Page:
Poland commemorates 75 years since WW2 invasion

  • 1 September 2014
  • From the section Europe
Polish Prime Minister Donald Tusk (right) attends commemorations of the 75th anniversary of the outbreak of World War Two at the Westerplatte memorial in Gdansk, northern Poland, 1 September 2014
Image caption Polish leader Donald Tusk laid a wreath at a monument to Polish victims of the battle

Poland has marked the 75th anniversary of the start of World War Two with a wreath-laying ceremony at Gdansk port.

Prime Minister Donald Tusk commemorated the dead of the war's first battle.

Nazi Germany invaded Poland on 1 September 1939, shelling a Polish garrison at Gdansk. Britain and France declared war on Germany two days later.

Polish and German presidents Bronislaw Komorowski and Joachim Gauck will also meet to honour the war dead and discuss the war with young Poles and Germans.

Mr Tusk laid a wreath at a monument to Polish victims of WW2's first battle at 04:45 local time (02:45 GMT).

He also referred to the current conflict between Ukrainian troops and pro-Russia separatists, saying it was not a time for "naive optimism".

Poland has been a strong advocate of sanctions against Russia over Moscow's support for the separatists fighting in eastern Ukraine.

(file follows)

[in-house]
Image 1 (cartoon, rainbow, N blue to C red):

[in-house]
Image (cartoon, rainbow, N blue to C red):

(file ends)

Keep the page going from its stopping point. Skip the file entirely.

Image caption The ceremony took place at dawn, at 04:45 - the time a German ship opened fire on a Polish garrison
Image caption Donald Tusk said it was not a time for optimism or beautiful speeches

At the scene: Adam Easton, BBC Warsaw correspondent

Poland's Prime Minister Donald Tusk stood with his head bowed after laying a wreath as dawn began to break over the monument to the dead of the World War Two's first battle.

On this day 75 years ago, at 04:45, the German cruiser Schleswig-Holstein, which was docked on a friendship visit in the free city of Danzig, now Gdansk, opened fire on the small Polish garrison on the Westerplatte peninsula. Simultaneously thousands of German troops crossed over the Polish border. The Second World War had begun.

Mr Tusk's thoughts were also on the present. He said the phrase "no more war" had taken on a completely different meaning in the light of what is happening in Ukraine.

Today is neither the time for "beautiful speeches" nor "simple optimism" he said. Europeans must learn the lesson of World War Two, which is, there is no place for "naive optimism", he added.

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